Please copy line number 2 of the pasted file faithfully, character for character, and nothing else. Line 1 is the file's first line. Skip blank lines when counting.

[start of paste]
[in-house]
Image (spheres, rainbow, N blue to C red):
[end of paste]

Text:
Image (spheres, rainbow, N blue to C red):